Game Narratives: Losing the Plot?


"How interactivity can kill the narrative.

I like a good story. Something with characters I can relate to, genuine people with their own hopes, dreams and fear.

Something with a plot that twists and turns, surprising at every turn but always making sense. Something personal, as if it was constructed only for me and my unique journey through the game.

Something I will never see.
It's a simple fact: the perfect narrative does not exist.

I can't be anymore blunt than that. Try as I might, I have yet to find a game that can connect with me on all the levels."

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BadCircuit3128d ago

I like some direction in my games or I get a bit bored, but I also like to do a bit of my own thing sometimes too which is why I like RPGs so much.

Tony P3128d ago

BioWare imo defines the near exact amount of control I want over my character and narrative.

I don't need to change the world with every selection (although that would be cool), but I need some kind of interactivity in my RPGs beyond managing stat tables.

Oblivion is the extreme. And a very well done extreme. But I usually prefer a stricter framework.

Jamie Foxx3128d ago (Edited 3128d ago )

I like your site,Yet to write an article how narratives are losing 'the plot' your picture to promote your article is of an exclusive not on a console your site promotes,in fact its an exclusive doing something very different on a RIVAL console,therfore nomatter how good your article is written youve turned it into flamebait just because of what your site is to certain gamers.

You mention ME2 therefore that would have been a better picture to promote your article as its an xbox exclusive the console your site promotes,u may get less hits but you want hits for the right reason. anyway hope to see your modnation racers review :)

Darkstorn3128d ago

True, but great games like Metal Gear Solid 4, Bioshock, and Uncharted 2 gave you zero wiggle room in terms of changing the story, and ended up being fantastic.

gaminoz3128d ago

It's a fair point that interactivity limits the storyline, but I guess it depends on how much 'play' you want and how much 'experience' you want.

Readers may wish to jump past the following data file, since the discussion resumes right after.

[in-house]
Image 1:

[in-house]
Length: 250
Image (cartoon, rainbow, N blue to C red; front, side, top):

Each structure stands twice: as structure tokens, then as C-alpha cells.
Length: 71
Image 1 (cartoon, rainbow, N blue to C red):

Lately I'm finding most big games a bit samey and dull due to samey gameplay style, while I'm doing more short casual games without any story at all. Yet I still love my books.

This is opposite of what I was like a few years ago with games, so maybe some of us go through stages in our gaming?

Belgavion3128d ago

Excellent piece Alex.

I've just learned to not get too excited about games that are hyped as having engrossing storylines. They can never live up to expectations. They usually start on the right foot but it isn't long before something happens to disconnect and I once again remember I'm playing a game.

XboxOZ3603128d ago

Perhaps we do, I like a story that engages me, but allows me to be part of it in some way, so that my actions have 'some' affect on the outcome or in how it plays out.

Giving me different experiences over the same sections etc.

Making me want to dig deeper, play the sections through again to try and get a different end result, or obtain the same end result, using different methods or choices.

REALgamer3128d ago

I like having choice like in ME2, but really it doesn't make any real difference to how you actually play or what you do - just slightly different cutscenes and dialogue.

Oh, and Sheppard's glowy scars stay too which is pretty cool.

The Witcher had some awesome decisions in the storyline that had major effects, and they weren't 'good vs evil' ones either. Almost all decisions in the game were just different shades of grey which made them interesting as they could all be seen as good or bad depending on your interpretation.

I remember one that made me reload my save game 4 times over because I kept changing my mind after I did it.

Gradient3128d ago

That's strange, I could have sworn Heavy Rain was only on Ps3.

gaminoz3128d ago

yeah so what?

The article is about game narrative isn't it? Heavy Rain tries to really focus on that.

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